Oct 312013 0 Responses

Halloween, Cher, and Taking Candy from Strangers

Few things make the church more uncomfortable than Halloween.

Ignore it and the church looks out of touch.

Embrace it and some KJV only, life-time church member will begin to spread the rumor that you are a liberal who doesn’t take the Bible seriously and might be secretly stealing your sermons from Rick Warren.

Every year someone tells me we should boycott Halloween. “What are you teaching the kids,” they ask. What does Halloween teach the kids?

Which do you think could do more lasting damage:

Allowing my child to dress up like a Ninja and get candy from my next door neighbor


telling him that while the rest of his friends get enough candy to last until January, he can’t have any because Jesus loves him?


Don’t Call It Halloween

Most churches do not boycott Halloween. With varying degrees of success, they attempt to take the pagan holiday and Christianize it.

Some have trunk-or-treat. It’s a good effort, but it’s very difficult to explain to my 5-year-old why it is okay to accept candy from the trunk of a stranger’s car on Halloween, but not any other day of the year.

Others have Halloween events, but they change the name. (See: Try Not to Curse During the Baby Dedication)

I was once at a church in which the staff had a lengthy discussion about the use of the phrase “trick-or-treat.”

“We can’t use the word trick,” someone said. “It might teach the kids to do bad things.”

For 15 minutes a debate was had about what to call the church’s Halloween party. Halloween was out. Fall Festival was recommended. Finally it was decided to call it a carnival.

No one got the irony. Terrified to use the words “trick” or “Halloween” they proudly broadcasted a name whose root word is carnal. Don’t trick, don’t enjoy Halloween, but do come to the church parking lot to get “your carnal on.” Of course, the same people who change Halloween to Carnival are often the same ones who protest the use of X-mas for Christmas, not realizing the X is a symbol of Christ and the Cross. This is the church at its funniest–well intended, but funny.


Heaven, Hell, and Deacon Jones

Some churches have fully embraced the Halloween tradition and turned it into an evangelistic tool. They put on dramas depicting death, carnage, and what might happen if your soul is damned to hell. They try to scare the hell out of you—literally. Their hope is to terrify you so much that you come to Jesus and never consider leaving him.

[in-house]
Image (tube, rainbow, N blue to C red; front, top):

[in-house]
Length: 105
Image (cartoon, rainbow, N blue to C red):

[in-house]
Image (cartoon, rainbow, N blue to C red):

While I applaud their attempt, I’m not sure a dramatized bloody car crash scene is exactly the best atmosphere for convincing someone to love Jesus with all of their heart, soul, mind and strength. Had Jesus chosen to, I’m sure he could have told some scary stories about the nature of hell, but instead of scaring people out of hell, Jesus loved people into heaven. (See: Funny Friday–On Seminary Part 1)

Of course, if you want to scare the metaphorical hell out of a pastor, don’t stage a presentation on hell, just dress up in the scariest costume ever imagined by a preacher.

Get a pair of khaki dress pants two sizes too small, match it with a short sleeved button-down dress shirt, wear a tie which is so small it ramps up your over-sized tummy like an Olympic ski jump—yep, dress like your average deacon and the pastor won’t be able to sleep for days.


No Jenny, I’m Not Dressing Up

I’ve never liked Halloween. It’s not some super-spirituality regarding a pagan holiday; it’s the fact that I don’t like to dress up.

Ever since I met Jenny she has begged me to dress up for Halloween. Every year it’s the same desire—she wants us to go to a party as Sonny and Cher.

Each year I refuse because I neither want to wear a dress nor sleep with a Sonny Bono look-a-like after the party is over. (See: The Preacher’s Wife)

Of course no matter the year and the latest costumes, some traditions never change. This year, like every year for the past 30, the top two costumes will be Batman and Disney Princess proving that not much has changed since I was a kid. Those two costumes are the most popular today and they were the most popular then—I still have the tiara to prove it.

Happy Halloween.   


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